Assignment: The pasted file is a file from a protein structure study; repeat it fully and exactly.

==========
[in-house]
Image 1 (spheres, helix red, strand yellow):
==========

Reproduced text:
[in-house]
Image 1 (spheres, helix red, strand yellow):